Finding solutions to your problem right in the pantry is the best things to happen. If you frequently experience heartburn, you are likely to be searching for some home remedies. Take a look at these foolproof list of helpful strategies that’ll help improve your symptoms.
1. Wear loose clothes.
If you happen to be wearing tight clothes, loosen them. Heartburn occurs when the content in your stomach pushes back into the esophagus and causes burning. When we wear tight clothes, they put pressure on the stomach.
2. Lying down? Stand up.
If you lie down immediately after having a meal, heartburn is more likely to happen. You might be sitting or lying down, stand up from your position for some time. If you are already standing, stand straight.
3. Try mixing some baking soda in H2O.
Baking soda is a favorite item in the circle of home remedies. Just mix a teaspoon of baking soda in a glass of water, and drink it. This might not be the most delicious drinks in the world, but slowly drinking this mixture will help relieve heartburn. Baking soda neutralizes the acid in your stomach.
4. Chew gum.
Have you ever noticed that the flow of saliva increases when you are chewing gum? This increased salivary flow can help wash off the effects of acid in the esophagus. Chewing gum also helps in neutralizing the acid in your stomach.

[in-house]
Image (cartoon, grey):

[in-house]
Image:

Remember, mint flavored gums are not a good choice as they have shown to contribute to the heartburn. Go for other flavors.
5. Try these potential herbs.
Licorice and chamomile, marshmallow, and slippery elm are the herbs that have some good reviews on treating heartburn. It is best to take these herbs with a doctor’s consultation as they might interfere with other medications that you take.
6. Elevate the head of your bed.
Some people experience heartburn while lying down on their beds. For them, it’s not that fact that they slept immediately after eating and so they suffer heartburn. It is there no matter how much they delay lying down after eating a meal.
The best way to prevent this is through elevating your bed. Don’t worry; you don’t have to buy a new bed. Just place some wooden or cement blocks under the feet of your bed such that the head end is now elevated 6-9 inches.
Raising your head with pillows will NOT help.
Foods that are helpful
There is no magic cure for heartburn, but some dietary modifications can help. Aim for low-fat, high-protein diet. Add these foods to your diet to manage symptoms of heartburn:
- Green beans
- Leafy greens
Citrus fruits are likely to cause heartburn. If you frequently encounter the problem, try non-citrus fruits such as
The following lean meats are low in fat:
Make sure you are not frying these items. Try them in boiled, baked, or grilled forms.
The white of an egg is high in protein, whereas egg yolks have high-fat content. So, egg whites are a good choice to help prevent heartburn symptoms.